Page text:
Weekly meetings and sophisticated tools allow the teams “to very quickly give our teachers and students feedback so that they may set challenging but attainable goals,” Svoboda said.
A few years ago in September, for example, a sixth-grader named José scored extremely low on the school’s interim literacy assessment. Even the most basic concepts, like being able to describe the gist of a passage he had read, eluded him. To begin helping José develop this skill, his teacher designed a sheet where he had only to fill in blanks in a sentence describing the meaning of the passage. Once he was able to do that accurately, the teacher removed the “scaffolding” of the worksheet and asked José to describe the passage entirely in his own words.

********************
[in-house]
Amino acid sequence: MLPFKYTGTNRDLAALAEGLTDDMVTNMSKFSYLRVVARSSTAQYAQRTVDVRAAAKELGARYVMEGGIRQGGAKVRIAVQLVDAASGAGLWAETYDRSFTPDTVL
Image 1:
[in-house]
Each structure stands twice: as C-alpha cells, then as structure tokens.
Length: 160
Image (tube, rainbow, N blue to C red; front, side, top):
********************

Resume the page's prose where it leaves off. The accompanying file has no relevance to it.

On the interim assessment before the holiday break, José demonstrated mastery of the concept of gist. His next goal, which he was able to articulate to his teacher, was being able to summarize in more detail the content of a passage, article, or story. His teacher was confident that the February interim assessment would show José has mastered the art of summarizing.
Grant Beacon is now in its fifth year of innovation status, and top DPS brass consider its focused mission and steady improvement a model for other district schools. The school reentered the rank of green (‘meets expectations’) schools in its first year as an innovation school. The following year, 2013-14, Grant Beacon’s rating increased by 10 percentage points. Magaña is convinced that the school made another significant leap in 2014-15. But because of the change in state test from TCAP to PARCC, DPS did not issue SPFs last year. For the 2015-16 school year, the school improved another 2 points and remains in the green.